• The Grapes of Wrath - Steinbeck's realist masterpiece looking at the plight of a family of tenant farmers forced to leave Oklahoma during the Great Depression.
  • In Dubious Battle - Story about two Communists who set out to organise a strike of seasonal fruit pickers in California.
  • Of Mice and Men - Classic story of George Milton and Lennie Small, two migrant farm workers travelling around the US searching for work during the Great Depression.

Harvey Swados

Dalton Trumbo

  • Johnny Got his Gun - Excellent working class anti-war novel by once the once-blacklisted Dalton Trumbo, following the internal monologue of a WWI soldier who wakes up mute and brutally injured.

Kurt Vonnegut

  • Slaughterhouse-Five - Vonnegut's darkly humourous novel recounting the story of an ill-prepared soldier and the grim reality of the Second World War.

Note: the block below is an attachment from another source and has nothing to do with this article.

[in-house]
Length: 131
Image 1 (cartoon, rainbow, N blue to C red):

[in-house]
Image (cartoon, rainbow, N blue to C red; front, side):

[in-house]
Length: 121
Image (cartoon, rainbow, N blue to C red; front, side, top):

• Jailbird - Story of a man recently released from prison after serving time for his role in the Watergate scandal, while discussing the history of the American labour movement, political system and the 'Red Scare' of the late 1950s.
  • Player Piano - Vonnegut's novel about a permanantly unemployed working class, dispossessed by mangerial engineers and automation.

Australian

David Ireland

  • The Unknown Industrial Prisoner - Grimly humourous portrayal of life on an oil refinery, by an ex-refinery worker, from the high towers from which a worker falls to his death to the secret hiding places the workers keep for themselves.

Nadia Wheatley

  • The House that was Eureka - Novel about the Unemployed Workers' Movement & anti-eviction riots Sydney during the great depression, which flashes back and forth to Sydney in the 1980s, making contemporary links between the eras.